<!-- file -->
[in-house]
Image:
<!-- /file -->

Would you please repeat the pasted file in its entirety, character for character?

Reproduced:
[in-house]
Image: